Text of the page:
I believe that if you examine people like Tiger Woods and Roger Federer, you'll find that "kitchen training" is part of what defines their capabilities. It almost certainly invades their private moments. It shows that they love what they do. I doubt that they would be the world's best without that love. Furthermore I believe it also accounts (at least partly) for why they are the world's best. They don't waste idle moments; even these are put to use in some sort of "training".

I've heard that Steffi Graf used to hit golf balls against a wall using a stick. I'm certain that this sort of "casual practice" is what helped her gain unerring consistency with her shots. And tennis is nothing if not a game where consistency counts. Indeed, if you take a look at Steffi's childhood photos, you'll notice that she is often holding a stick. I suspect she was habitually "kitchen training"...

It is important to note that no champion at sports ever "forces" themselves into "kitchen training". It is spontaneous. It arises out of a love for the activity - an excitement, intellectual stimulation or other passion. It has nothing to do with "conscious effort". It is just "something that you do" - just as Ian frequently used to go about "phantom batting", often in our law library. The only difference between Ian's and my "kitchen training" was that one was more "culturally acceptable". Accordingly, Ian felt less inhibited about his "cricket displays" - yet was openly derisory about my "martial arts displays" (which he no doubt felt had a farcical "chop socky" quality to them).

And so, even today, I'll generally keep my "kitchen training" private. Sometimes I actually do such training in my kitchen while, say, stirring pasta. (This confession is likely to get me in trouble. When my wife reads it, she'll know why my pasta is invariably overcooked!) Why the kitchen? For starters, it has enough space for small sequences. It also has no obstacles for me to trip over. Finally, it is usually fairly private. Other places I have used for "kitchen training" include elevators (naturally when no one else was with me - and I hope no video camera was recording!) or deserted beaches (where I used to take my dog for a run and I'd casually go through a form to see the pattern it created in the sand) - or just about anywhere where I wouldn't attract the attention of people in white coats!

Over time I've found myself developing little drills that I do out of habit during "kitchen training". These tend to morph over time as my interests and the material on which I'm focusing changes. But some constants can be noted:

Because the area in which such training takes place is often fairly small, the drills must be short and "circular", making use of the space but not having to go outside it. Ideally, the drill will also "loop" - ie. it will go back to the beginning, permitting endless repetition. The drill below is one I created during "kitchen training" and it comprises the essential elements of the first section of the Chen Pan Ling taijiquan form. I've found it so useful that I've started teaching it to beginners in my classes.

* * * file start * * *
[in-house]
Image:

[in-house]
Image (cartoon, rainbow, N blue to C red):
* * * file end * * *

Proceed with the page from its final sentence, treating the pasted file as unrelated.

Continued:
A looping taiji drill I invented during "kitchen training"

Once I get a little bored with such drills I'll start to "play" with them subconsciously. Here is the same drill with some variations - mostly in relation to turns and pivots:

A video where I "play" with the preceding drill

But usually the "kitchen training" comprises much smaller sequences. These tend to be formless and impromptu, but sometimes I will deliberately focus on certain movements that I can't do (at least, to my satisfaction). Sometimes I'll try the mirror image of a movement (eg. "single whip" from taiji). Sometimes I'll take these movements and morph them into drills to challenge my students (see my previous post!).

The important thing is to let your mind "deconstruct" what you're learning; to take it apart and reassemble it in myriad ways. It is this subconscious process that allows you to "take ownership" of the "form" of your art - to make it truly part of you so that it is no longer something that is "imposed upon you" but rather something that emanates from you reflexively.

A video of various kitchen training" drills I developed for my students as preparation for their upcoming trip to Taiwan (set to start at my discussion about kitchen training)

In the end, kitchen training can be whatever you want it to be. In fact, it must be whatever you want it to be. If it is too planned and regimented, the spontaneity will be missing. And that spontaneity is the subconscious arbiter of what you need to "bed down". If you follow your instinct, you can't go wrong.

And whatever you do, don't let inhibition get in the way. Trust me: if your friends and family aren't already used to you doing "Ha so karrrateee!" stuff, then they'll get there. Just be careful about public places - and don't let the pasta overcook!


1. Now it's true that I've seen books like "The Tao of Cricket" and "The Zen of Cricket" on the shelves, proving that even a sport can be elevated to a philosophical level. Clearly martial arts does not have a monopoly on combining wisdom with physical activity. For starters, the Japanese even associate Daoism and Zen with things like Chado (tea ceremony) and Shodo (calligraphy). But when it comes to comparisons with Western sports, at least we can say this: martial arts "got there first"! They are no "poor cousin" to Western sports - even if they are easily misunderstood, occasionally mistranslated by some movie producers and "New Age" adherents, and otherwise parodied in Western culture.

Copyright © 2012 Dejan Djurdjevic